Re: New Kenya Addition. Successful Kenya tree research -- 07/23/07 Marco, <Phil> Thank you for your help regarding my new Kenya. <You are most welcome.> I spent much of the weekend reading up on this coral and am very pleased to announce that she was upright and "lively" by time I had gotten home. <Very good.> I did notice one of its "branches" was damaged during transport to my house, there was some discoloration in the area, but that too has started to mend and regain its color. I have read where this coral, along with xenia and other species of this type will take over a tank. Because of this I am currently in the process of finding someone to trade or take it off my hands. Because of its size when fully extended, its already 4" tall, I don't feel it has adequate space in my current setup. <Okay. To remove it permanently, it would be best to take out the entire rock it is fixed to, if possible. If you just pull the animal off, it may re-grow from tiny pieces of tissue. While this capability can be used to propagate them, it may remind those of garden weeds, who want to get rid of it.> Thankfully this was a great inexpensive lesson to learn about tank compatibility and proper education. I have also been lucky enough to be apart of a group of local aquarists (well they are aquarists, I am more of a newbie still) that are very dedicated to aquacultured corals. I know that so far everything I have in my tank, rock and sand excluded, was tank "born and raised." Thank you again for your help. <Thank you for sharing. That's great. It should be a goal of all (at least most) aquarists to propagate their stock and help the community to become as independent from wild animals as possible. Carry on. Good luck with your wet career. Marco.> Kenya tree tip necrosis...  - 05/26/07 Hey crew I need some help! I got a purple Kenya tree about 3 weeks ago... My LFS had just gotten it in and it hadn't even opened yet but since I knew a purplish Capnella was hard to come by, I got it... For the past three weeks it has not opened at all... for a little while, its stalk was seeming to inflate a little but I have yet to see any polyp extension... I had it in medium flow and didn't move it so as not to stress it but I have since tried it in high flow and another medium flow area... Two days ago our A/C went out and the tanks temp went up to 86-87... I have since made some changes and brought the temp down and while that won't happen again, it seemed to be the last straw for the poor tree... it developed black spots on the very tips of each of the branches and I've done hours and hours of research on this... It seems that this is rare and happens either with a combination of high stress and high temps or..... in another case, due to possible starvation... (its under 108W PC so no light starvation) I'm pretty sure the tip necrosis is due to the coral's high stress and possibly even starvation since it hasn't had any polyp extension in at least 3 weeks... What do I do? Right now all my param.s are fine, <... my friend... "medium flow", "fine" are not useful bits of data... Need real numbers> I just can't get it to open at all. Should I cut off all of the black tips (which is a lot of tips to cut)? Should I completely frag it to pieces since the rock that it came on was/is cracked in half so the base isn't stable and maybe stressing it that way? I've also heard something about suspending chili coral and other similar things upside down but that seems only for Dendronephtheids, not regular Nephtheids... I'm just out of ideas on how to get this thing to open... -Nathaniel PS... all I have that could really be causing allelopathy is a small frag of frogspawn but its far away from that... <We need to step back... and quickly... and start with the set-up, your maintenance, water quality test data... Likely faster for you to read re Alcyonacean health, systems... Here: http://www.wetwebmedia.com/marine/inverts/index.htm Scroll down to the Soft Coral Tray. Bob Fenner>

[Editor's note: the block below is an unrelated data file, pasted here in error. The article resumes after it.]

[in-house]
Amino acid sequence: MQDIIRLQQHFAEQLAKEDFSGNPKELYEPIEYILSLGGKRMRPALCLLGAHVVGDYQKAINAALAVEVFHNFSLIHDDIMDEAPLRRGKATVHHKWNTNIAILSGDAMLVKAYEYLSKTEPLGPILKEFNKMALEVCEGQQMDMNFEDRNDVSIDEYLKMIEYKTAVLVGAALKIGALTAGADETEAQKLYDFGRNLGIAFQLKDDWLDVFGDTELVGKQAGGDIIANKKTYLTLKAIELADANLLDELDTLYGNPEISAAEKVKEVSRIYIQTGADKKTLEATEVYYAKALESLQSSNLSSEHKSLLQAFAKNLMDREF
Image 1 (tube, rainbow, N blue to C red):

Re: Kenya tree tip necrosis...   5/27/07 Thanks crew, unfortunately I've read all of those things... I'm still at a loss.  I brushed off all of the necrotic tissue last night and now its coming back...  It's also clearly decomposing... my parameters that I just tested today are showing I'm dangerously close to a mini cycle... Here's everything that I just tested:  Ammonia: .2, nitrite: .1, nitrate: 10, pH: 8.1, alk:2.6, and calc: 400...  My tank is a 24g Nanocube and I have a Hydor l35 for flow...  3 gallon water changes every week, activated carbon etc...  I'm thinking aggressive fragging is the only option now... <No. Won't work here> any other ideas? I've attached a picture so you can see what the tips look like... -Nathaniel <Moving this organism is the only viable means of saving it... This system is too small, the other Cnidarians too well-established... What was that word? Allel...lo-something. RMF>